Millennials will transform workplaces according to a new study by MTV entitled, “No Collar Workers,” that took an in-depth look at the career perspectives of this often misunderstood generation. The study was conducted online in January 2012 and polled 509 Millennials.
Nick Shore, senior vice president of strategic insights and research at MTV, wrote a piece about the study for MediaPost, reminding us that “around 10,000 millennials turn 21 every day in America right now, and by some estimates there are already 40 million millennials in the workforce.” According to Shore, at the core of the Millennial employee is, “the quest for meaningful work that makes a difference.” This fundamental need manifests itself in ways that differ from Baby Boomers and GenX.
What could be misinterpreted as “self importance” is a deeper sense of having many new ideas and wanting to contribute, as well as a desire to have their tech skills and savvy tapped by senior managers.
What could be misinterpreted as “career pickiness” is an expression of a need to connect deeply with the work…
More specifically, the study found that:
88% of Millennials want their coworkers to be their friends
89% of Millennials want their workplace to be social and fun (compared to only 60% of Boomers)
79% of Millennials think they should be allowed to wear jeans to work at least sometimes (compared to only 60% of Boomers)
89% of Millennials want to be able to decide how to do a project at work (no difference from GenX and Boomers)
81% of Millennials think they should be allowed to make their own hours at work (compared to only 69% of Boomers)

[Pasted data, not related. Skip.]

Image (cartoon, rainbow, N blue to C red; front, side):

Three-fourths of Millennials want to work for themselves one day
92% of Millennials think their company is lucky to have them as an employee
85% of Millennials think their mastery of technology makes them faster than their older coworkers
76% of Millennials think their boss could learn a lot from them (compared to only 50% of Boomers)
8 out of 10 Millennials want regular feedback from their boss
8 out of 10 Millennials think they deserve to be recognized more for their work
Over half of Millennials want feedback at least once a week or more
Only 6% of Millennials prefer annual reviews from their bosses
89% of Millennials think it is important to be constantly learning at their job
90% of Millennials think they deserve their dream job
Nearly 6 in 10 Millennials feel that they will switch jobs in less than 5 years
A higher salary is the preferred reward among two-thirds of Millennials, but a full one-third prefer recognition from their boss or coworkers or a promotion over higher pay
Only one quarter of Millennials say they are completely satisfied in their current job — half the level for Boomers
Half of Millennials would rather have no job than have a job they hate
The question is: Are workplaces bending accordingly?